Frank Murphy (Roy Scheider) is a LAPD officer still suffering from flashbacks from his time in Vietnam while working now as part of the air patrol division where he mans a helicopter at night and gives assistance to the cops on the ground.  Due to his expertise he is given the chance to helm the first advanced helicopter called Blue Thunder, which has abilities to fight crime like no other machine before it. As he tests out the new product with his partner Richard (Daniel Stern) he overhears a conversation, through using the machines built-in microphones that can pick up voices from inside buildings, talking about using Blue Thunder for nefarious means. Frank records the conversation and then gets hounded by the bad guys who are led by his lifelong rival from his army days F.E. Cochrane (Malcolm McDowell). To escape their clutches Frank boards the helicopter and flies all over the city of L.A. while waiting for his wife Kate (Candy Clark) to get the incriminating tape to a TV-station where it will be broadcast for the public to hear, but Cochrane, who is an expert pilot as well, gets into another helicopter and tries to shoot Blue Thunder down.

The script was written by the prolific Dan O’Bannon who also wrote the scripts for Alien and Total Recall. He got the idea for this one while living in L.A. and constantly having a police helicopters routinely fly over his neighborhood at night. The original script was darker in tone and portrayed Frank as a psychotic who steals the helicopter and terrorizes the city until he is finally shot down, but that idea got nixed and like with most big-budgeted Hollywood projects got toned down to help appeal to a wider audience.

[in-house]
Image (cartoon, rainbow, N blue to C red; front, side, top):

Personally I would’ve found the original idea more interesting as it also contained political overtones that get completely washed over here. The story here is pretty generic with one-dimensional villains and situations simply thrown in to create cheap conflict and nothing more.

What impressed me though was the modern visual style and effects. It hardly seems like a mid-80s movie at all let alone one that was actually filmed in late ’79 and early ’80. The overriding sentiment has a trendy feel and the cinematography is vivid and colorful. The helicopter action is the film’s biggest selling point and no matter how dippy the story gets the exciting aerial footage more than makes up for it. I loved the way director John Badham captures all sides of Los Angeles from its glitzy skyline to its more grimy and rundown working class areas. It’s also nice to have a REAL helicopter REALLY flying in the air over the city instead of computer generated effects, which makes many of today’s movies look fake and cheapens them while still keeping many of the ‘80s action flicks superior.

Scheider has never been a leading man that I’ve found particularly impressive as his presence seems transparent. However here his laid-back demeanor nicely contrasts with McDowell’s hyper one and makes the bad guy seem even more vindictive. Stern is engaging as Scheider’s partner and it’s too bad this wasn’t made into a buddy movie with Stern’s character staying on for the whole time. Clark is also enjoyable particularly with the wild look that she elicits with her eyes and the car chase that she has with the cops in an abandoned lot of a drive-In theater.

This also sadly marks Warren Oates last project. It was filmed in 1980 and he did a few other films after this one, but this was released last. Oates is one of the most distinctive character actors to ever grace the screen and even in a bland supporting role like the one here he still finds a way to enliven it.